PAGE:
OK, there are several Framebuffer options. Here they are, as well as what I understand them to mean. I am not sure of ALOT of this so this is FAR from the word of god. I am making this topic #1 to help those who don't understand these options, and #2 so that more advanced folks can try and decipher the mystery surrounding Jabo's Super-Fast Framebuffer Emulation that rarely works as fast with other programs.
#1 - Emulate Primary - Turns on basic framebuffer emulation (it allows the game to read from VRAM.) Required for everything but emulate clear (I think, about the emulate clear.) Supposedly has a "big performance impact," but nothing i've noticed on my new M9
#2 - Update Less Frequently - Self Expainatory. Updates *very* infrequently, making it almost useless in most cases.
#3 - Use low-resolution updates - Also self explainatory. It is a noticable drop in performance, as the framebuffer reads give you an un-filtered image, which really suck (*in my setup, at least*)
On my GFX card, simply turning on "Emulate Primary" allows for full framebuffer emulation in the one game I tested it on, Majora's Mask (Self-Rendered Textures *is* required for just about every framebuffer use there is in that game.) The Camera works, the subscreen background works, no problems.
Onto the Rom Settings Page (the first 3 were at the bottom of the advanced page)
#4 - Self-Rendered Textures - From PJ64's help file - "Some games use a temporary buffer (not part of the rendering queue) into which they render a scene to later use in the game, a classic example is the picture of link on the ZeldaOoT subscreen. This can be achieved with very little performance hit hence it is enabled where we know it is used. Do not enable it unless needed, it's a waste of resources and could cause problems with some games."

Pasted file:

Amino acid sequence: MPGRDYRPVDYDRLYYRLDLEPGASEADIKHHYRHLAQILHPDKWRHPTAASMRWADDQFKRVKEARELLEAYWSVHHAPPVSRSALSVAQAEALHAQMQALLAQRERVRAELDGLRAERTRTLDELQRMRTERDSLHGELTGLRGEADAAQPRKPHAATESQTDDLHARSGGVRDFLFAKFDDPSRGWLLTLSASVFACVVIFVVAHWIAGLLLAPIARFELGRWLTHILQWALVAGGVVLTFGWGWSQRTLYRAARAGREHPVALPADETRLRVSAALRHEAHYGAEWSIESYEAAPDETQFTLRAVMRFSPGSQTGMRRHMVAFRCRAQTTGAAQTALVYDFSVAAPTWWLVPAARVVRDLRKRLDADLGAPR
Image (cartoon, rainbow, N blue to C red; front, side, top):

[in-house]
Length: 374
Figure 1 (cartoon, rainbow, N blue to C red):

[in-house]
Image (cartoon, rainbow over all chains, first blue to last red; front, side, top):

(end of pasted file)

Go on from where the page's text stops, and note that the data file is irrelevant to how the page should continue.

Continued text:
In MM, this is required for the Camera & the background! So it's used quite often I would imagine. No performance hit from this option on my setup.
#5 - Primary Buffer Textures - From PJ64's help file - "Some games use the screen itself as a texture within the game. A classic example is the board ("jumbotron?") above the bridge in the first level of Mario Kart 64. This has a very serious performance impact, due to PC architecture (data must be copied from video card back into system memory every frame) hence it's checked here when a game uses it however the user must enabled primary buffer emulation via the advanced tab (which also offers possible performance enhancement options)."
This is self-explainatory - It forces every frame to be copied from VRAM. This *does* cause a large performance impact on my M9 (it about halves the speed, from 59 or so fps to 27 or so fps.) However, it doesn't exactly make sense to me. If this copies every frame, what does emulate primary do? Every 20th frame maybe? I guess this just allows, in laymens terms, for motion in the framebuffer. This might be the answer to how Jabo's works so well. It copies only enough frames to allow for non-moving framebuffer imaging, which it doesn't exactly spell out for you That's the best guess I can make.
NOTE/EDIT: I think the reason for the major slowdown on my machine using this setting is due to my machine's architecture, not the M9 (Radeon 9000.) I have a standard Intel 815e P3 mobo with only 100mhz RAM. If I had RDRAM or DDR, and a faster bus, I think it would make a big difference.
Finally, #6 - Emulate Clear - From PJ64's help file - "Some games use low level framebuffer clears for special effects. A classic example is the lens flare from the sun in Zelda. Some uses of emulate are quite subtle, it's possible that there were missed in the RDB. Emulate clear can cause problems with compatibility so should only be enabled when needed, however the performance hit is very minor."
This is a necessary option for some games, and causes almost no performance hit, so it should be set on in those cases.
This doesn't explain why self-rendered (framebuffer) textures makes a difference for the lens of truth, probably just a simple bug.
And that's that. Hope this will lead to some more intelligent discussion.